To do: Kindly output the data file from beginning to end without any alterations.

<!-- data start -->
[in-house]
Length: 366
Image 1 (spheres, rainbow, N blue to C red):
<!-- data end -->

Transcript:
[in-house]
Length: 366
Image 1 (spheres, rainbow, N blue to C red):